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Author Archives: Remitha Satheesh

Feeling Blue

I am an emotional reader. When a book or a character appeals to me, it takes me a while to say goodbye to them. Sometimes never. But no book has ever done what B Jeyamohan’s Neelam did to me. Read the rest of this entry

Biriyani Tales

We, as a family, are foodies. Gathering around a table full of good food or just talking about good food, is one of our favorite things to do. As for my girls and me, looking up food videos in Instagram or drooling over the ones in Buzzfeed can keep us busy for hours. When we are bored or feeling down, we look at food. Comfort food doesn’t even have to be eaten. What I am trying to say is that, we, as a family, bond plenty over food.

Ever since our trip to India last summer, we find ourselves reminiscing about the biriyani we had a couple of days before we came back. Read the rest of this entry

Bharathiyar’s Oozhikoothu – The Dance of Kali

When, Composer Rajan Somasundaram told me his next project (after the brillianlty done Sangham poetry album Santham), was a song by Subramania Bharathiyar, I was already looking forward to it. And when he told me which poem he had chosen for his project,  I looked forward to it even more. Then he dropped the bombshell. Read the rest of this entry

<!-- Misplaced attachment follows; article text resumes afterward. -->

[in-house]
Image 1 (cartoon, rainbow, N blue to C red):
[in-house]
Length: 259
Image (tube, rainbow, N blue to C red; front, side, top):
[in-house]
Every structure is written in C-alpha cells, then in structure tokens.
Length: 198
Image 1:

Pallankuzhi – Seethakkali or Seethayattam – A Game for the Times

manjadikkuru_pallankuzhi

Manjadikkurus in pallankuzhi

According to legend, when Seetha was imprisoned in the Ashokavana by Ravana, she was allowed just one form of entertainment – a Pallankuzhi. A game with a wooden/metal board with shallow dips and red seeds. And on the Pallankuzhi, there are several two player games you can play; but either because none of the rakshasis (demonesses) guarding her wanted to have anything to do with her or because Seetha didn’t want anything to do with her scary guard detail, she played only a single player game. And this was a game that would never end. She just went on and on with her endless game, all year till Rama and his ragtag army of monkeys built that bridge to Lanka, slayed the demon king Ravana and his army, routed his magnificent city, and set her free. Read the rest of this entry

Sandham – Sangam Poetry meets Symphony


This was a rendezvous that was two millennia in the making. What else can you say about this album? Surprising isn’t it, that this mother lode of possibilities stayed untouched for two thousand years? I don’t mean from a research or academic point of view. Plenty on that front. I mean musically. Read the rest of this entry